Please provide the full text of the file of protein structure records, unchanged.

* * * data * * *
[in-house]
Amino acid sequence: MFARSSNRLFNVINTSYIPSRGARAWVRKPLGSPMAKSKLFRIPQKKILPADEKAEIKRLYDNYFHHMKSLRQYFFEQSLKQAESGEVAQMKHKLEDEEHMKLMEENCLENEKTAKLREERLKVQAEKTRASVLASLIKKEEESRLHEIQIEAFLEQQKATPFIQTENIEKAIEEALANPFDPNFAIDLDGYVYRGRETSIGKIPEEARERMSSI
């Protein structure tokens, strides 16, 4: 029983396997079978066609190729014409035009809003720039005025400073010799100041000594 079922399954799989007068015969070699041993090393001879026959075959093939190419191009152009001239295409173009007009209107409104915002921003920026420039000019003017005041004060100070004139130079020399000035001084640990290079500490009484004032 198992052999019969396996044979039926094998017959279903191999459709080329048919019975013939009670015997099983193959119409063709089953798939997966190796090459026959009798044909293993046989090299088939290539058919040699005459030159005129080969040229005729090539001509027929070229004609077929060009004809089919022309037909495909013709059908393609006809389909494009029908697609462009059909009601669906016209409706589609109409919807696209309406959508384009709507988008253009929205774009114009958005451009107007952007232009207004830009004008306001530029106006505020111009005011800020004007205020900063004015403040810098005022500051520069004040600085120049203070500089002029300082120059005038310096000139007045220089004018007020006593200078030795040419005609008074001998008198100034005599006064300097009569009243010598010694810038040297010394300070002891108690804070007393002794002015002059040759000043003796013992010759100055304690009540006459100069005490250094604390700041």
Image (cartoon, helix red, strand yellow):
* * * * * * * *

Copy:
[in-house]
Amino acid sequence: MFARSSNRLFNVINTSYIPSRGARAWVRKPLGSPMAKSKLFRIPQKKILPADEKAEIKRLYDNYFHHMKSLRQYFFEQSLKQAESGEVAQMKHKLEDEEHMKLMEENCLENEKTAKLREERLKVQAEKTRASVLASLIKKEEESRLHEIQIEAFLEQQKATPFIQTENIEKAIEEALANPFDPNFAIDLDGYVYRGRETSIGKIPEEARERMSSI
């Protein structure tokens, strides 16, 4: 029983396997079978066609190729014409035009809003720039005025400073010799100041000594 079922399954799989007068015969070699041993090393001879026959075959093939190419191009152009001239295409173009007009209107409104915002921003920026420039000019003017005041004060100070004139130079020399000035001084640990290079500490009484004032 198992052999019969396996044979039926094998017959279903191999459709080329048919019975013939009670015997099983193959119409063709089953798939997966190796090459026959009798044909293993046989090299088939290539058919040699005459030159005129080969040229005729090539001509027929070229004609077929060009004809089919022309037909495909013709059908393609006809389909494009029908697609462009059909009601669906016209409706589609109409919807696209309406959508384009709507988008253009929205774009114009958005451009107007952007232009207004830009004008306001530029106006505020111009005011800020004007205020900063004015403040810098005022500051520069004040600085120049203070500089002029300082120059005038310096000139007045220089004018007020006593200078030795040419005609008074001998008198100034005599006064300097009569009243010598010694810038040297010394300070002891108690804070007393002794002015002059040759000043003796013992010759100055304690009540006459100069005490250094604390700041």
Image (cartoon, helix red, strand yellow):